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Penalization and Retreat: The Changing Face of Dutch Criminal Justice

NCJ Number
Criminal Justice Volume: 5 Issue: 2 Dated: May 2005 Pages: 145-161
Francis Pakes
Date Published
May 2005
17 pages
This article examines criminal justice policy in the Netherlands from 1994 until 2002.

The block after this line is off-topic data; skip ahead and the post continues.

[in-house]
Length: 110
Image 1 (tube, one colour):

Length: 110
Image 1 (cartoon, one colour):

Before the labor-liberal administration came into power in 1994, the trend in the Netherlands of increased use of the prison system was already established. The biggest contributor to the increase in prison rates has been the length of sentences. However, in addition to prison expansion, both the police and the prosecution service also expanded and continued to grow. As this displays, there has been an extreme shift towards the ideas described as the New Penology. The emphasis is not on the rehabilitation of individuals but on controlling groups that constitute a risk. Lawbreakers are not seen as part of society, but rather a danger to it. This article examines whether the tolerance argued to have underpinned the Dutch reductionist penal policy has disappeared with it. It looks at the roots of that tolerance and its expression in areas in which the Netherlands traditionally employs more or less idiosyncratic systems of governance. References